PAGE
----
The message and the meaning behind a piece of art can matter just as much or more than the execution of technical principles. During a critique, artists can ask the viewers general questions to see how their work is being interpreted. If the artist has a specific message they want to convey, they can use the critiques to refine the message.


Okay, now that you know the basics of an art critique, keep the following in mind:

Not Everyone Knows How to Critique Art

In my experience, everybody thinks they are a critic, but not everyone knows how to critique. If you want someone to help you dissect your artwork, don’t pick just anybody. Random people on the internet should not be trusted immediately. I caution you against posting your work on Instagram with any broad caption relating to “What do you think of this?”

Choose a critiquing partner wisely. Find someone who understands the basic art elements and principles above. Maybe even show them this post. Or, if you do resort to soliciting advice from anyone online, make sure to ask for very specific feedback and find a platform with like-minded people. I’ve actually seen some really valuable critiquing happening on art subReddits.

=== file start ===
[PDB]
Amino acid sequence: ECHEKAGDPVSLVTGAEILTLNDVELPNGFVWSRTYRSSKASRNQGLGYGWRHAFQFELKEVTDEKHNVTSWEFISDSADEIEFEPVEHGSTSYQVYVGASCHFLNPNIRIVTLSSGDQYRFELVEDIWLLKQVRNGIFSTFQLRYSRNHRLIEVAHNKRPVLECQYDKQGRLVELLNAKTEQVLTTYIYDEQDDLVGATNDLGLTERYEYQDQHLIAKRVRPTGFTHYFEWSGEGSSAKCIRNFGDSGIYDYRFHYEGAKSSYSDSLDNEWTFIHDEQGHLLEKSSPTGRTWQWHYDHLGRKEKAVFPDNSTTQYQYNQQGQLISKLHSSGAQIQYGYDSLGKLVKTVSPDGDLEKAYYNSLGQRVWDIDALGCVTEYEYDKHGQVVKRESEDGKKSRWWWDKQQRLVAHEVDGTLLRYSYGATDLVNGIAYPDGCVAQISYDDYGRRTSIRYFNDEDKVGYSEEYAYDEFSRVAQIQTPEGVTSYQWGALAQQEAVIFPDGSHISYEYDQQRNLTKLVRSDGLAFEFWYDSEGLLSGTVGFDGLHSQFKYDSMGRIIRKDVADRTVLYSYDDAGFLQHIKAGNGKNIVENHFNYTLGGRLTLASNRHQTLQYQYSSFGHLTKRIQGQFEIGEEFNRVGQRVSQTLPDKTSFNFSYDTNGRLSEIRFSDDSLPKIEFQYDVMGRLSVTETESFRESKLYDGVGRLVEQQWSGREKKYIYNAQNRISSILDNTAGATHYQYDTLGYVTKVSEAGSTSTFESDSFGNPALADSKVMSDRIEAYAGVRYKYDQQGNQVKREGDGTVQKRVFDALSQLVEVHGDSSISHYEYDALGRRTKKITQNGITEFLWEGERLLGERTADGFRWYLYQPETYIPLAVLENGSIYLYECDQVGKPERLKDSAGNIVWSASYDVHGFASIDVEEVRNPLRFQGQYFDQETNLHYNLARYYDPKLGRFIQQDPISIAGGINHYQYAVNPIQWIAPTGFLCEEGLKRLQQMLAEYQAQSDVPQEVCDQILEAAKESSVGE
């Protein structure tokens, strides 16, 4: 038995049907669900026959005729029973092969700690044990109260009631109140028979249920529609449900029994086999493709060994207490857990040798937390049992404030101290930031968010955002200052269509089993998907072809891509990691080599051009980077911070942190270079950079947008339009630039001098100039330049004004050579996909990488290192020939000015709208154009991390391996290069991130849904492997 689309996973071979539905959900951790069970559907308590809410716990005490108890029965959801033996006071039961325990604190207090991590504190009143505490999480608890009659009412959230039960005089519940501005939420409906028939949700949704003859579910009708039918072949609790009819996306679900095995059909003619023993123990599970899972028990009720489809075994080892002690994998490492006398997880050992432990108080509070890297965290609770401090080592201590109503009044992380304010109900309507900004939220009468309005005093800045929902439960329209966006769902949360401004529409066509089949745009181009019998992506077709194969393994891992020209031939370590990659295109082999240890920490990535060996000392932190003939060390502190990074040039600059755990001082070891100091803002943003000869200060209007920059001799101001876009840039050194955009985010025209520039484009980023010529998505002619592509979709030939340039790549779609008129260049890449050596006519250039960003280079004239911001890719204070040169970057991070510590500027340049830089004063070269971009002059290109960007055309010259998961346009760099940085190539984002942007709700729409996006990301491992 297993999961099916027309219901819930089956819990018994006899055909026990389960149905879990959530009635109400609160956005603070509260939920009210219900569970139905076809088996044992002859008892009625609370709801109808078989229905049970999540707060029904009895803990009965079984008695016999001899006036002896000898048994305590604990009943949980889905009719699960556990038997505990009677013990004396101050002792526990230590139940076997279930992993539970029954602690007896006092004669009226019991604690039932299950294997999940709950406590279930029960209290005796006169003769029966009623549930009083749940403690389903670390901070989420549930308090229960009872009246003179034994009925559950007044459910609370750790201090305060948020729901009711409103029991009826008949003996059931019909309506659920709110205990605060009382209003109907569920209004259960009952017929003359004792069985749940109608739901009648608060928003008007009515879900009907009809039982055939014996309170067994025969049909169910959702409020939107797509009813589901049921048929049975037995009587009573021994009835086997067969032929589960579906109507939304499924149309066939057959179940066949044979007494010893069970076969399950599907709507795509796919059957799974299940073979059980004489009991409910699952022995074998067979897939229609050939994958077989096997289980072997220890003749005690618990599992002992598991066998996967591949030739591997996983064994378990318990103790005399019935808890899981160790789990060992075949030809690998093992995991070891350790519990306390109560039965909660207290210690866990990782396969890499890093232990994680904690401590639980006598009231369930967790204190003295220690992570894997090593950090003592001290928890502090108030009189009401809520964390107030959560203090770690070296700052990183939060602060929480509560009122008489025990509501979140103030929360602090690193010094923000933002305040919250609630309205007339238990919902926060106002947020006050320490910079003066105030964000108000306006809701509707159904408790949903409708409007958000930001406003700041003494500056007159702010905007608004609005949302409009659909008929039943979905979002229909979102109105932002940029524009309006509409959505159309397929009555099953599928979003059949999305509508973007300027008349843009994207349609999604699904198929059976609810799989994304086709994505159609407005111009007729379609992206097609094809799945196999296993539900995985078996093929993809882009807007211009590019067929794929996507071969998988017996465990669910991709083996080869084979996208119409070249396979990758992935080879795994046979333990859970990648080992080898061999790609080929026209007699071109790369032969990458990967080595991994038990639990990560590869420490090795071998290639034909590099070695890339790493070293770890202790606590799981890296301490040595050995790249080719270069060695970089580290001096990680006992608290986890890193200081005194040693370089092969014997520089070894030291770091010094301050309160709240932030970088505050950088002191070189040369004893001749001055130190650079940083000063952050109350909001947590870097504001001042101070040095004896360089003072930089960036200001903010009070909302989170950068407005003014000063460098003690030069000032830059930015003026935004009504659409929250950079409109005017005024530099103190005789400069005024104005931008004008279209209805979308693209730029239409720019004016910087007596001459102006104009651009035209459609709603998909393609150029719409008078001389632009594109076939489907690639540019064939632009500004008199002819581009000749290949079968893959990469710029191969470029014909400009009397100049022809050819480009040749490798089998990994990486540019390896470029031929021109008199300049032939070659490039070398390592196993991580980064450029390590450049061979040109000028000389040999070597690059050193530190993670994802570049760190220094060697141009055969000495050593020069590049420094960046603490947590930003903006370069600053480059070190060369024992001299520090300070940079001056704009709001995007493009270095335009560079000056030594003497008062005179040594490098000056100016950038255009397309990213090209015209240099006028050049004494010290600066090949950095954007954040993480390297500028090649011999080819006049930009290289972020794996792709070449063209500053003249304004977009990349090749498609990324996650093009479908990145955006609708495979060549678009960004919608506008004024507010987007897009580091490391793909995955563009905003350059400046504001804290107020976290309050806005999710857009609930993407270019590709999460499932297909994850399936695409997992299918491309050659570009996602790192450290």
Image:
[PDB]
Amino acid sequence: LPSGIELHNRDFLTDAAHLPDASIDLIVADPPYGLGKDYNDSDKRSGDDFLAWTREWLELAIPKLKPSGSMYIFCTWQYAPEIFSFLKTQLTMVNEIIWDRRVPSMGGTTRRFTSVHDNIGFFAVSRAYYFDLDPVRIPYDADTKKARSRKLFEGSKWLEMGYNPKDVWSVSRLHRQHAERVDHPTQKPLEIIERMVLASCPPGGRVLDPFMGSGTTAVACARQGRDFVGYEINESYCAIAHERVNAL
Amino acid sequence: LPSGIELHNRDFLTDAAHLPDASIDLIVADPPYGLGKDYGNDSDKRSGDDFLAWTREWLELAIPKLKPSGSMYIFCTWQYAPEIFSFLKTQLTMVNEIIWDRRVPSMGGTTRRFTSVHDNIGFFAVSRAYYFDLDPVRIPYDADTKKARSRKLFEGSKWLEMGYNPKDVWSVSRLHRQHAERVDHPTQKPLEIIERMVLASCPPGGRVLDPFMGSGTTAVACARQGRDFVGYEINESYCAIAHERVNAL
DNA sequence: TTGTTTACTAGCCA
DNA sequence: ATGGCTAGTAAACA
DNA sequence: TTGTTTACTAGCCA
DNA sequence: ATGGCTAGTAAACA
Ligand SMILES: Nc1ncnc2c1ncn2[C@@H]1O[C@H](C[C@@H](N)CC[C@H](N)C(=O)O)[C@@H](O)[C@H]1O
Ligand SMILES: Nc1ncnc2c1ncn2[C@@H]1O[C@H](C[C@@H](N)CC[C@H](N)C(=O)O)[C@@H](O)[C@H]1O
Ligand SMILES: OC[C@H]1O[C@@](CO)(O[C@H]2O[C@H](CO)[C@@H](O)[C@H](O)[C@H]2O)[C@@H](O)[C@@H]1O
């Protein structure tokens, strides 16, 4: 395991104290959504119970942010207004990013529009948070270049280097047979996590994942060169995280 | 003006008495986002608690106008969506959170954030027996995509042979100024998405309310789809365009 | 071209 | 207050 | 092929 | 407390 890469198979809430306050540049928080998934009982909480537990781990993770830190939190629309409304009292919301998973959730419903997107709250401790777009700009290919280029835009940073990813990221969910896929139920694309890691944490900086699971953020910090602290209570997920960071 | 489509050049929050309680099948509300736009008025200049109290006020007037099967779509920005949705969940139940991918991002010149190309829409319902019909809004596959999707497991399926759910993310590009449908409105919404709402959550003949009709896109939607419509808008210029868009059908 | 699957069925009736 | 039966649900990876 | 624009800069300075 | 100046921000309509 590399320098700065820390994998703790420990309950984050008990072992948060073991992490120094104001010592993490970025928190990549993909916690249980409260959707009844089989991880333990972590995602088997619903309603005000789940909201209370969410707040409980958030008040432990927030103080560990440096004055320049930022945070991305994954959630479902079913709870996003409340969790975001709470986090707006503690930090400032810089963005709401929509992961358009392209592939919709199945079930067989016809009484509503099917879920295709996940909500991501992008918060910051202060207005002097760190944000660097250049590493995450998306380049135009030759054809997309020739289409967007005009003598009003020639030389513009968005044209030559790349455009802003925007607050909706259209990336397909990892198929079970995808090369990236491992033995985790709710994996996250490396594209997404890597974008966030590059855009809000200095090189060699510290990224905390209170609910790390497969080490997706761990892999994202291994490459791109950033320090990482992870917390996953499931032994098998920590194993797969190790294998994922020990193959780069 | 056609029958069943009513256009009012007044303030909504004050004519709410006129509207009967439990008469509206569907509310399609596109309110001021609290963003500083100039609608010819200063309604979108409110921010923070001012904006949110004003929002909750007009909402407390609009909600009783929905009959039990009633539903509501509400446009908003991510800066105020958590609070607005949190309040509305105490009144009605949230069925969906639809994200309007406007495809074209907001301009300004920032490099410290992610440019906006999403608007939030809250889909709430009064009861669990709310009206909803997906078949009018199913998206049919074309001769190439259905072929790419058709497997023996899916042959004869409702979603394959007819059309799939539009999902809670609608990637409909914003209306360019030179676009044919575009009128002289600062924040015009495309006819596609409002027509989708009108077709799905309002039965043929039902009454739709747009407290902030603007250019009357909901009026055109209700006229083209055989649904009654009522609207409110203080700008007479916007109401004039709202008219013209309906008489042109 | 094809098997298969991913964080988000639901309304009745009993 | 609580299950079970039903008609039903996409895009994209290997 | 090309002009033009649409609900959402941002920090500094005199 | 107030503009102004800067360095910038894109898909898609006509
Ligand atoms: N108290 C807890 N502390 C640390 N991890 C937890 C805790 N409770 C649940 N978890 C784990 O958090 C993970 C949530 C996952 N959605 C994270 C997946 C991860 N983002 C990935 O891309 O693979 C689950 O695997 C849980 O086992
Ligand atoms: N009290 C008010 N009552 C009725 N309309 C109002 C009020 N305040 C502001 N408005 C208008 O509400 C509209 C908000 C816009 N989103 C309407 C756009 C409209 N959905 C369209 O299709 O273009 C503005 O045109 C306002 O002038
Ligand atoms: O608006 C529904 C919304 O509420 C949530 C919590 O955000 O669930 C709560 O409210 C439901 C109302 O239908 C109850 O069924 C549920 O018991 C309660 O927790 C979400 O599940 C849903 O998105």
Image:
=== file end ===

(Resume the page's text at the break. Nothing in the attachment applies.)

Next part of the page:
The Danger of Personal Opinions during critiques

I want to make it very clear that not everyone will like your art or agree with where you are taking your work. If you aim to make your art look cluttered and chaotic, it’s very likely that someone will say they don’t like your art, because it is in fact cluttered and chaotic. If you are working with a critiquing partner who knows how to withhold judgment, this won’t be an issue, but as I said before, a lot of people have no idea how to responsibly and productively critique art.

Which is why it’s important to always create according to your vision. Don’t try to cater to the people around you (unless they are paying you for your work). You as the creator need to understand why you do what you do so that you can stay true to your art as you get outside comments, critiques, and judgments.


Critique sessions can be really beneficial for artists at any level. And they can be especially beneficial if you ever find yourself feeling stuck on a piece in progress.

I know that it can be hard to find a critique partner that can be trusted, so in case you really need someone to help you, I offer 30 minute critique consulting sessions for artists of any level through my consulting services. Check out my consulting page for more details.